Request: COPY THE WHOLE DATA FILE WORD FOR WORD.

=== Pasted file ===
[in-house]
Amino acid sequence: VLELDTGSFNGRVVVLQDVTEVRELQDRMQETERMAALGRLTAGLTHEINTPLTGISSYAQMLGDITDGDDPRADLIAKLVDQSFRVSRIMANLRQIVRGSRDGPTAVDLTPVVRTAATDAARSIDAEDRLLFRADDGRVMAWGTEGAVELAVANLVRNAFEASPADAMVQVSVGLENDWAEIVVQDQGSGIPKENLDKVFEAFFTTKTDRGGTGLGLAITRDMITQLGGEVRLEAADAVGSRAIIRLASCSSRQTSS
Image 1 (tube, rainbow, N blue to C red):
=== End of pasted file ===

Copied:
[in-house]
Amino acid sequence: VLELDTGSFNGRVVVLQDVTEVRELQDRMQETERMAALGRLTAGLTHEINTPLTGISSYAQMLGDITDGDDPRADLIAKLVDQSFRVSRIMANLRQIVRGSRDGPTAVDLTPVVRTAATDAARSIDAEDRLLFRADDGRVMAWGTEGAVELAVANLVRNAFEASPADAMVQVSVGLENDWAEIVVQDQGSGIPKENLDKVFEAFFTTKTDRGGTGLGLAITRDMITQLGGEVRLEAADAVGSRAIIRLASCSSRQTSS
Image 1 (tube, rainbow, N blue to C red):